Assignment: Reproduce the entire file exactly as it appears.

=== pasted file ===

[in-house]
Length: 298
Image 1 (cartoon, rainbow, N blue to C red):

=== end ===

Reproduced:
[in-house]
Length: 298
Image 1 (cartoon, rainbow, N blue to C red):